The quality of the studies (risk of bias) was evaluated using the QCAT. The number of studies for each measure, QCAT score ranges, and mean total quality scores with standard deviation for each measure are summarized in Table 5. All studies, except 1, were at a low to moderate risk for bias in their reporting. The 1 study scoring poorly was a descriptive report of concurrent validity between the M-ABC and a balance test. The main methodologic problems identified that increased chances of bias in studies were lack of information on tester training and/or blinding and subject recruitment methods. Additionally, many subjects represented samples of convenience and not true representations of the DCD/child populations, thus reducing the generalizability of the results.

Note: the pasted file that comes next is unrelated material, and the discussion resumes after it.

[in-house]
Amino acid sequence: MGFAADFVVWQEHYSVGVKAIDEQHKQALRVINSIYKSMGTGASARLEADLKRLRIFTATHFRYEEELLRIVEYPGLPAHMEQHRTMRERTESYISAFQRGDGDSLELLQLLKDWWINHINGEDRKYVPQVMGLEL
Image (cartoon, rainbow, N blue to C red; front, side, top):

Critical Appraisal of Psychometrics of Each Identified Outcome Measure
Using the MCAT, relevant data on the psychometrics of the outcome measures were extracted from the 33 articles and 5 manuals. Information on the psychometrics of each outcome measure is outlined briefly here. The measurement critical appraisal scores and types of validity, reliability, and responsiveness established are summarized for each outcome measure in Table 6. Information on the population in which validity and reliability were established and user/tester centeredness of individual outcome measures are also summarized in Table 6. For further details, contact the authors. Note that normative data were provided adequately for all outcome measures.
Validity of Measures